Why This Plane’s Paint Job May Mean The End Of Tel Aviv Pride.

We've seen planes painted like Star Wars characters and thought they were pretty neat.  If you can celebrate a science fiction series with a paint job, why not a rainbow plane to celebrate Pride?  Because, to boil it all down, most in Israel think the idea of the rainbow plane is a joke and a true representation of the Israeli National Government trying to make money off of gay tourism and accuse the government of "pinkwashing."  Liam Hoare from Forward.com explains.

I confess when I first saw the simulated image of an airplane bedecked in the colors of the rainbow flag, ostensibly on its way to Tel Aviv Pride, I thought it was some sort of joke.

Yet it really was the Israeli government’s intent, as part of an 11 million shekel ($2.9 million) advertising blitz, to “set up an international competition whose winners will be flown to Israel in a plane specially painted in gay pride colors,” Ha’aretz reported. While Israel has in recent years actively promoted itself as a gay tourist destination, the idea of blowing millions of shekels rainbow high on a plane dressed up in magical colors would have been something else entirely.

The backlash to this eccentric idea—which has caused the government to back down—first came from the LGBT community. Activist Netanel Azulay said LGBT people in Israel shouldn’t “allow the government to profit at its expense.” They “won’t allow the government to use it and lie to everyone that LGBTQ people have it good here.” Community leaders have insinuated that Tel Aviv Pride, scheduled for June 3, could become a protest event this year—in contrast to the party atmosphere the Tourism Ministry seeks to project in its overseas promotion.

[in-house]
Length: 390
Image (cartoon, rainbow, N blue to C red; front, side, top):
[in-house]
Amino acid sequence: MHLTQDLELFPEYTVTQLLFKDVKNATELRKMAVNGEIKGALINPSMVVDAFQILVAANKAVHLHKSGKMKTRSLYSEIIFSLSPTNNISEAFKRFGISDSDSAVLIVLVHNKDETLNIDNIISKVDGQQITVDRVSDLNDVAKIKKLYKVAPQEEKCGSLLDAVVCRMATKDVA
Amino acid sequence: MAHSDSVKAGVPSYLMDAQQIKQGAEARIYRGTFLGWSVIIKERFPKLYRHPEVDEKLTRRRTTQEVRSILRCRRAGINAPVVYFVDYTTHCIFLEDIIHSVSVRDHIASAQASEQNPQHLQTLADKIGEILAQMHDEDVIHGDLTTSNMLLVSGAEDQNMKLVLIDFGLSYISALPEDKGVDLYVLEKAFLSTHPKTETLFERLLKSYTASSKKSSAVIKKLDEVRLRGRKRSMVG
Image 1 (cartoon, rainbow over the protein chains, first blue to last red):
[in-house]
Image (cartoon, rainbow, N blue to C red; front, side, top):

Israel’s gay community has every right to be outraged. LGBT organizations receive but 1.5 million shekels ($400,000) a year from the state, a fraction of the budget proposed for Israel’s rainbow tour. After the murder of Shira Banki at Jerusalem Pride last year, Education Minister Naftali Bennett boldly promised to double the budget for Israel Gay Youth (IGY), which provides educational and social programming for LGBT youth. Gal Uchovsky, IGY’s president, said that the budget increase they actually received “wasn’t even close” to Bennett’s pledge.